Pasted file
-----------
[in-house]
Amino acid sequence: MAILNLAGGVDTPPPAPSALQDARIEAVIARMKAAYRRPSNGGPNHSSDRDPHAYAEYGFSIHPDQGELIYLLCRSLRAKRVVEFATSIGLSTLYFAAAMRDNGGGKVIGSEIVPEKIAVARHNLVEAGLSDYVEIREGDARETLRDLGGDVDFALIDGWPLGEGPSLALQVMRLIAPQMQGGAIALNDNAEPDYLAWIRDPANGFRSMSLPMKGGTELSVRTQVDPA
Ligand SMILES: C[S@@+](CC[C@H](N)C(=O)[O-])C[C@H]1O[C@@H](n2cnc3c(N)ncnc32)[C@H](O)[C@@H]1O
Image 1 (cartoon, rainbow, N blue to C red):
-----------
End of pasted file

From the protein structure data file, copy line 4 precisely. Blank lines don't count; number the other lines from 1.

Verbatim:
Image 1 (cartoon, rainbow, N blue to C red):